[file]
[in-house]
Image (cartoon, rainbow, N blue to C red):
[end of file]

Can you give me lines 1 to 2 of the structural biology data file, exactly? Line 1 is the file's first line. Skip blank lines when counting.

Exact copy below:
[in-house]
Image (cartoon, rainbow, N blue to C red):